The comic shop was also giving out free copies of Cyber Force 1-4, and I hadn’t read them until today. They were alright – the series certainly has an interesting premise. Not sure if I’ll stick with it though – I have to make some cutbacks soon.


About healed1337

I am a relatively new comic book fan writing this blog for other new comic book fans and/or people who are interested in comics but don't know where to start. I've always been interested in writing, to the point where I have a college Creative Writing Certificate and I'm currently a year 2 Journalism student. I also have another blog where I mostly make fun of bad movies - As for how I got into comics, I've always had a passing interest in superheroes: most notably Batman, Spider-man and the X-Men. Until February of 2011 (I think,) my only experience with any of these franchises came from the movies and video games. Shortly after I bought Marvel Vs. Capcom 3 however, I decided to check out X-23, Wolverine's female clone. I ended up reading her Innocence Lost origin story and enjoyed it. From there, I started reading various X-Men comics and it quickly exploded into my newest hobby. My other interests/hobbies include video games, movies, music, playing sports, my dogs and weird news.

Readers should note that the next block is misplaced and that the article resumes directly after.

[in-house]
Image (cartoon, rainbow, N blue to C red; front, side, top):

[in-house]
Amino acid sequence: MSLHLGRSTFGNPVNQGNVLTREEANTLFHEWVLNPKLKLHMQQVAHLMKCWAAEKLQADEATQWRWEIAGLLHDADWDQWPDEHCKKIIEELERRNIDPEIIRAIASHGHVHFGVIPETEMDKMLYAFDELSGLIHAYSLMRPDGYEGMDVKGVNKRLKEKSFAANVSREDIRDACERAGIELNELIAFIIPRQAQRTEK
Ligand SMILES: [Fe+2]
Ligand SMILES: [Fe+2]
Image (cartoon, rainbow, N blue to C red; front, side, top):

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3 Responses to Release Day Rundown – the late text edition

  1. wwayne says:

    The only things that bothers me about these closures is that, with Threshold ending, Blue Beetle is officially fallen into oblivion. Which is a huge shame, because Jaime is one of the best comic book characters ever.
    Now we can hypothesize which titles will take the place of these 4 closed series. At present the only hypothesis I can make is, another Young Justice title. The reason is simple: at present that line consists of only ONE title, Teen Titans. (A Red Robin solo series? Let’s hope so!)
    What about you? What do you predict?


  2. healed1337 says:

    I could see them doing a Red Robin series, could be good too. What if they tried giving Blue Beetle his own solo series? At least then, he’d still be in something. Beyond that, I have no idea.